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Sands hits pair of homers in White Sox win

Jose Quintana was sharp in six innings against Cincinnati Reds minor leagues.

On a day when chairman Jerry Reinsdorf weighed in on the Adam LaRoche debacle, a lesser known Jerry, outfielder-first baseman Jerry Sands, hit his second and third homers of the spring to lead the White Sox to a 6-2 victory over the Oakland Athletics in Mesa, Ariz.

With an open spot to be filled after Adam LaRoche retired, Sands is “right in the mix,” manager Robin Ventura said.

“We know he swings well against lefties, but he’s been swinging against righties too. He’s very versatile.’’

Claimed off waivers from the Indians, Sands, 29, is a career .238 hitter with nine homers in 132 games. He’s a career .292 hitter against lefties.

Minor league third baseman Matt Davidson, who can also play first base where LaRoche backed up Jose Abreu when he wasn’t the designated hitter, was 3-for-4 to raise his spring average to .483. Davidson has four homers.

Jimmy Rollins and Carlos Sanchez also had an RBI and Steve Lombardozzi had two hits.

Jacob Turner, trying to earn a spot on the roster, gave up two runs over the first two innings.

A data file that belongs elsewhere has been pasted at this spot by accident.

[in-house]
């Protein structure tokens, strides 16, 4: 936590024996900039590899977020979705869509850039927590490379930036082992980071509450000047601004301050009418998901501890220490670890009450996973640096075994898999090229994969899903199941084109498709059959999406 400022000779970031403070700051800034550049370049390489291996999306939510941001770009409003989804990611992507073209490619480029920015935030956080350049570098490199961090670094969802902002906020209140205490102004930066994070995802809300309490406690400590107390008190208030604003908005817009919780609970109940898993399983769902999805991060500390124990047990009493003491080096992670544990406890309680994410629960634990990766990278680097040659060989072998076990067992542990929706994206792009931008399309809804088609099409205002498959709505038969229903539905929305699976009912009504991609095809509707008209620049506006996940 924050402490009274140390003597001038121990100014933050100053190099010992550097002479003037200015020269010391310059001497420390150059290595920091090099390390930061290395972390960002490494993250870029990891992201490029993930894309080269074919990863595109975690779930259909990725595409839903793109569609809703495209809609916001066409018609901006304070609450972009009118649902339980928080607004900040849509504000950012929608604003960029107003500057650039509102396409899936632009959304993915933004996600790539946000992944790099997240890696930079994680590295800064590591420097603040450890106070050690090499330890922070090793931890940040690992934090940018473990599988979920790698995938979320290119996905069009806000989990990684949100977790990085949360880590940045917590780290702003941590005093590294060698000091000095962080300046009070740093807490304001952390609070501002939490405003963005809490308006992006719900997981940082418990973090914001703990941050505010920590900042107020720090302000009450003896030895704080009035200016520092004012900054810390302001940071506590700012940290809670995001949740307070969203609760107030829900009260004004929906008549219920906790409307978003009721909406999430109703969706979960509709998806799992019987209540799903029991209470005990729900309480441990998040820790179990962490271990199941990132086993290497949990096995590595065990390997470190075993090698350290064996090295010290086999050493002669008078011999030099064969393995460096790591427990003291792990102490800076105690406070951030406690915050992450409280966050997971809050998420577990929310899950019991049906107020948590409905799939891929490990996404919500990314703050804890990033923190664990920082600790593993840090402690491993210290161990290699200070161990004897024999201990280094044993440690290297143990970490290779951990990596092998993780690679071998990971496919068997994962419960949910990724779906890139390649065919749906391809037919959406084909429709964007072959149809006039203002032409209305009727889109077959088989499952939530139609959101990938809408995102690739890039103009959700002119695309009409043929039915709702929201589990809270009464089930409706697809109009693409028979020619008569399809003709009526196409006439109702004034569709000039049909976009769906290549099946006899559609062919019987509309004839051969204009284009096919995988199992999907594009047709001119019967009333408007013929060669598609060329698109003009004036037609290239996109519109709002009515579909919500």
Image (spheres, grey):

On a LaRoll

The Sox are 4-1, including three consecutive wins, since LaRoche called it quits Tuesday morning. In addition to Sands’ home runs and first-round pick Carson Fulmer’s best outing (3 1/3 scoreless innings of one-hit ball with four strikeouts), the Sox played an errorless game and out-hit the A’s 16-6.

Right on Q

Jose Quintana wasn’t allowed to face the A’s, whom the Sox host to open the season in two weeks, so he pitched six innings, with new catcher Alex Avila behind the plate, against Cincinnati Reds minor leaguers on the backfields at Camelback Ranch.

Quintana allowed five hits over six scoreless innings.

“He’s always been under the radar as one of the top pitchers in the American League for sure,” Avila, a former Detroit Tiger said.

“I tried to get him a little uncomfortable, maybe not throw that fastball into a righty — see if we can get him out another way and gain confidence in those things. He’s the type of guy you don’t tell him multiple times. You say it once or he gives you a suggestion and he’s able to apply it right away.’’

On deck

Sox at Indians, Goodyear, 3:05, CSN, Scott Carroll vs. Carlos Carrasco. Carlos Rodon throws for the Sox on the backfields.

Daryl Van Schouwen